Cryptocurrency has taken the financial world by storm in recent years, spurred by the explosive growth of Bitcoin and blockchain investment. Those who have joined the digital currency space believe these technologies could revolutionize industries from banking to health care. Still, because the digital currency space is subject to so much speculation, investors who choose to explore crypto should be aware of its potential pros and cons and make their decisions accordingly.
Is Crypto Taxable?
By design, most cryptocurrencies have a limited supply, capped by mathematical algorithms. This property makes cryptocurrency attractive to people who are worried about hyperinflationary events, bank failures or other worst-case scenarios. However, it has also helped foster the misconception that crypto transactions aren’t taxable.
Though cryptocurrencies are still relatively new, the IRS has issued guidance related to taxes on crypto trading and income. In the government’s eyes, even exchanging one cryptocurrency for another is a taxable event. That’s why crypto owners should use portfolio trackers like cointracker.io and coinledger.io to log records of all their transactions.
If you fail to keep accurate records, it will be impossible to file your tax returns correctly. Neglecting to pay the full amount you owe might result in costly penalties. Conversely, if you do not track your activity properly, you may report more income than you have to, leading to paying more tax than necessary.
How Does the IRS Tax Cryptocurrency?
The IRS classifies cryptocurrency as property, so almost all transactions in the digital space are a taxable event. In a nutshell, you will owe taxes every time you earn money from a crypto trade or sale. For instance, if you bought $2,000 of Bitcoin and later sold it for $2,500, you’d need to report and pay taxes on your $500 profit. Alternatively, if you sell, trade or otherwise get rid of cryptocurrency and experience a loss, you can deduct that against your capital gains. Crypto rewards and NFT purchases are also taxable events. This should be considered while trading and at tax time.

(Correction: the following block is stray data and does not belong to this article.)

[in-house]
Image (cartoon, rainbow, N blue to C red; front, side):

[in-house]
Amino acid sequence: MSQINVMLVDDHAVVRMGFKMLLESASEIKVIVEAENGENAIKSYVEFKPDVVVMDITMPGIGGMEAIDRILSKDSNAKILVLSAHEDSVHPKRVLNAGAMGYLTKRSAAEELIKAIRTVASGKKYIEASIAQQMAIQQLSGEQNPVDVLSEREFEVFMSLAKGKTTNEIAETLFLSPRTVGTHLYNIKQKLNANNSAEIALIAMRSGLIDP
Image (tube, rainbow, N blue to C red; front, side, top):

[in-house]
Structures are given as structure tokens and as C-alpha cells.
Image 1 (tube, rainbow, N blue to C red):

If you’ve only had a few cryptocurrency transactions, you may have little trouble keeping up with your profits and losses. But if you’re an active investor who frequently buys, sells and trades in crypto, tax time could be much more complicated if you don’t use a crypto portfolio tracker.
Will the IRS Find Out If You Don’t Report Crypto Transactions?
The IRS has implemented several measures to ensure crypto investors pay their taxes, including adding a question to Form 1040 asking taxpayers whether they had any transactions related to virtual currencies. Additionally, Congress, the SEC and IRS are continually pressuring exchanges such as Robinhood and Coinbase on it’s reporting requirements. Blockchains and exchanges are also monitored despite being decentralized and anonymous.
While the IRS may not be able to track crypto transactions like they can track traditional stock trading, reporting your transactions with accuracy is essential to paying the correct amount of tax, for better or worse, and avoiding potential reconcilation issues in the future as reporting laws and regulations continue to evolve.
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At Raines & Fischer, we prioritize forging long-term relationships with our clients. If you need cutting-edge expertise on evolving crypto taxation laws, you can always count on us for individualized attention from our highly experienced team.